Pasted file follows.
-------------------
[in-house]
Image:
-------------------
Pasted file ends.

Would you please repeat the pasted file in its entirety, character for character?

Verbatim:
[in-house]
Image: